This area does not yet contain any content.


DAY TRIPPIN to Niagara-on-the-Lake 2017


DAY TRIPPING to Niagara-on-the-Lake  2017

This year we  hosted 50 Luscious customers and friends and visited The Hare Wine Company, a newer enterprise that has just opened its beautiful Tuscan-style winery on Stone Road for a tour and tasting.  Second stop was the rustic Caroline Cellars for a tasting and lovely lunch, followed by a visit to Small Talk Winery for a wagon tour of the vineyard and wine and cider tastings.  We finish off at The Lakeview Wine Company/Diamond Estates back on Stone Road for a visit and tasting.  This unique facility is home to many Niagara wines, such as 20 Bees, East Dell, FRESH, Dan Aykroyd, Lakeview Cellars, Seasons by De Sousa, McMichael Collection and Tzafona Cellars.

A fun time was had by all and everyone is looking forward to the next Luscious adventure!




To someone who has never made wine, making craft wine at home or at a licensed facility like ours may seem like a task to leave to the professionals.  But with such a wide variety of wine kits available, it is quite simple to get started, and there are many reasons to make your own wine.  Here are just a few….

1. Making your own wine is fun.  It’s easy to get started and simple to do – just follow the step-by-step instructions that come with your kit, or simply drop into our winery.  Whether you are making wine alone or with a group of partners in crime, there is no better way to spend a relaxing, agenda-free hour.  Once you are used to making wine, you can get it started in less than 10 minutes!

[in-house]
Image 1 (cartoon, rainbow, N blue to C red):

2. Crafting your own wine will save you money, and you will know exactly what goes into it.  Do you like oak in your reds?  Do you hate oak?  Should your wine be sweet or dry?  When you make your own, you get to craft it in the style(s) you want.  While it is possible to pick up some pretty inexpensive bottles (~$10) of wine these days, if you compare the wine you make from a kit (from $3-$7) to a bottle of similar quality commercial wine, it turns out the craft wine is a real bargain, plus you get the satisfaction of having made something yourself – and that is priceless!

3. Making wine is convenient.  Don’t you hate it when the liquor store is out of your favourite wine, or that it is closed or even worse, so far away?  That never happens to craft winemakers.  Sound too good to be true?  We assure you, there is a craft wine kit available for almost every grape variety and every wine region in the world.  Don’t believe us?  See for yourself. 

4. Homemade wine makes great gifts.  It makes a great hostess gift, a “thanks for being a great teacher” gift, a house-warming present, a “thanks for shovelling the driveway” present….  Don’t know what to get your hard-to-shop-for father in law?  A bottle or two of craft wine will surely win him over.  Custom labels and shrink caps are available (for about 20¢ per bottle) to finish off your crafted wine, and the possibilities for these is only limited to your imagination!

5.  Crafting your own wine will amaze your friends - especially those who don’t make wine themselves.  The fact that you make your own wine sounds sophisticated and impressive, and you’ll feel proud that you picked up a new hobby, learned a new skill, and came out on the other side with something you and your friends can all enjoy together.

6. With your own craft wine, you’ll be prepared for a global crisis.  No matter what may come your way, you’ll always have bottles of wine stockpiled away in your cellar (or basement).  Just don’t be surprised when your friends and neighbours come knocking on your door the next time the power is out!

7. Most importantly, with a cellar full of craft wine, you will have an excuse to throw a party!  Everyone will be impressed that you were able to make wine that tastes so good and even better, you will get to enjoy your wine in good company.  Isn’t that the reason we drink wine in the first place?  So what are you waiting for?  Go get a kit and start that first batch now!!



Day Trippin 2017......Niagara Wine Region